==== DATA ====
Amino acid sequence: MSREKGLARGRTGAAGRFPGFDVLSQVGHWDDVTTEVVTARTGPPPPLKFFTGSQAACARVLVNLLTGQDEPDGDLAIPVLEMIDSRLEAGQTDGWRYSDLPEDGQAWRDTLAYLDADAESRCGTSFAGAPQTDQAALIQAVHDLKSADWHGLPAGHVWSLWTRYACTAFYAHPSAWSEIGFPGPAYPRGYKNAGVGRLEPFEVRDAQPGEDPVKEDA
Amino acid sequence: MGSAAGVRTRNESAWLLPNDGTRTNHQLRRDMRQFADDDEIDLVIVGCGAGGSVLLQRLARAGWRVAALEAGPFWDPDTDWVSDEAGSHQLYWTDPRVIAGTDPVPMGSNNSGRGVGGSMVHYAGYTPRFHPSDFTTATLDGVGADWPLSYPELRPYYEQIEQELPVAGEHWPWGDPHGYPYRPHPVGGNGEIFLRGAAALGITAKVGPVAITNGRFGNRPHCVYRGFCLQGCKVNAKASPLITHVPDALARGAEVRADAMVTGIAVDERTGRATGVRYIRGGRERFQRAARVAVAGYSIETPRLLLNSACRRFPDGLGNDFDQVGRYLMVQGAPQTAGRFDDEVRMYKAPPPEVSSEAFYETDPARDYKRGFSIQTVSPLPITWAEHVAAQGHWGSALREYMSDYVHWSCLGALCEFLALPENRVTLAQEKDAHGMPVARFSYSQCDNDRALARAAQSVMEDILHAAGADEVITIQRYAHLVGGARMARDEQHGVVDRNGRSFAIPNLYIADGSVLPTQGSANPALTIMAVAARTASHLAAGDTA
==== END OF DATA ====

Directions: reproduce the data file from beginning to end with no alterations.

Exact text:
Amino acid sequence: MSREKGLARGRTGAAGRFPGFDVLSQVGHWDDVTTEVVTARTGPPPPLKFFTGSQAACARVLVNLLTGQDEPDGDLAIPVLEMIDSRLEAGQTDGWRYSDLPEDGQAWRDTLAYLDADAESRCGTSFAGAPQTDQAALIQAVHDLKSADWHGLPAGHVWSLWTRYACTAFYAHPSAWSEIGFPGPAYPRGYKNAGVGRLEPFEVRDAQPGEDPVKEDA
Amino acid sequence: MGSAAGVRTRNESAWLLPNDGTRTNHQLRRDMRQFADDDEIDLVIVGCGAGGSVLLQRLARAGWRVAALEAGPFWDPDTDWVSDEAGSHQLYWTDPRVIAGTDPVPMGSNNSGRGVGGSMVHYAGYTPRFHPSDFTTATLDGVGADWPLSYPELRPYYEQIEQELPVAGEHWPWGDPHGYPYRPHPVGGNGEIFLRGAAALGITAKVGPVAITNGRFGNRPHCVYRGFCLQGCKVNAKASPLITHVPDALARGAEVRADAMVTGIAVDERTGRATGVRYIRGGRERFQRAARVAVAGYSIETPRLLLNSACRRFPDGLGNDFDQVGRYLMVQGAPQTAGRFDDEVRMYKAPPPEVSSEAFYETDPARDYKRGFSIQTVSPLPITWAEHVAAQGHWGSALREYMSDYVHWSCLGALCEFLALPENRVTLAQEKDAHGMPVARFSYSQCDNDRALARAAQSVMEDILHAAGADEVITIQRYAHLVGGARMARDEQHGVVDRNGRSFAIPNLYIADGSVLPTQGSANPALTIMAVAARTASHLAAGDTA